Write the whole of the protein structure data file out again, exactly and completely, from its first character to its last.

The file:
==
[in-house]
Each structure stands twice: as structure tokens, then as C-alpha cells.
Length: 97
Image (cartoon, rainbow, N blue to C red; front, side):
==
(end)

[in-house]
Each structure stands twice: as structure tokens, then as C-alpha cells.
Length: 97
Image (cartoon, rainbow, N blue to C red; front, side):